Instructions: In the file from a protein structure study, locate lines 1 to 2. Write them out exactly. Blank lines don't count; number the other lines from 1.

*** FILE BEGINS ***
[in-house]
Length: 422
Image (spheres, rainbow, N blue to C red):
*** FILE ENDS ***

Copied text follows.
[in-house]
Length: 422